Steven Novella on June 29, 2022
COVID infection has been associated with an increased risk of neurodegenerative and neurovascular disease – another reason to keep our eye on this serious illness.
COVID is becoming like a spurned lover who is now stalking you. You can’t forget about it, and while you hope that’s it gone, you know it’s still there, lurking in the shadows. COVID has now killed over 6.3 million people worldwide, and over one million people in the US alone. But it’s possible that the greater toll of the disease is the morbidity of long COVID. A new study adds to our understanding of this burden.
We now have more effective tools than we had at the beginning of the pandemic. Physicians understand how to treat COVID acutely much better. There are effective antivirals approved for use, such as Paxlovid. And of course there are many COVID vaccines with high efficacy. Hospitals are no longer being overwhelmed, and while there can still be waves of the virus, they seem to be waning. The pandemic is evolving into the slow burn of an endemic infection, like the flu.
This, however, is not the time to take our eye off the ball. COVID is still a serious illness, and the more we learn about so-called long COVID the worse it seems. COVID is likely to become a significant source of morbidity and health care burden, and we need to treat it that way. Primarily we need to keep up pressure to get as many people vaccinated as possible, keep up with boosters, and update the vaccines to track the new variants.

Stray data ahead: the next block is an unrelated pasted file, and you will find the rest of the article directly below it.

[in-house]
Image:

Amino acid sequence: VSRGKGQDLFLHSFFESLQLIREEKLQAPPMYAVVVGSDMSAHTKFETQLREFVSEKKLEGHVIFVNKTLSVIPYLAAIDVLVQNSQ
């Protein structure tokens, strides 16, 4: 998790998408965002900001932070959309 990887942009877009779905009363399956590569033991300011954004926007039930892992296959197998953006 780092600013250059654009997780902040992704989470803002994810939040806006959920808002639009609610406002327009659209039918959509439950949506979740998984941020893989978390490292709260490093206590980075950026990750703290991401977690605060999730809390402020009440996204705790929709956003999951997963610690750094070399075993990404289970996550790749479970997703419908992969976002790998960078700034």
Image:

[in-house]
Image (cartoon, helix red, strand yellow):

A recent study presented at the 8th European Academy of Neurology (EAN) Congress adds more data to our knowledge of the long term effects of COVID. This is a Danish population-based study, so it is observational, not experimental, which means it can establish correlation only. They found:
Out of 919,731 individuals that were tested for COVID-19 within the study, researchers found that the 43,375 people who tested positive had a 3.5 times increased risk of being diagnosed with Alzheimer’s disease, 2.6 times with Parkinson’s disease, 2.7 times with ischaemic stroke, and 4.8 times with intracerebral hemorrhage (bleeding in the brain).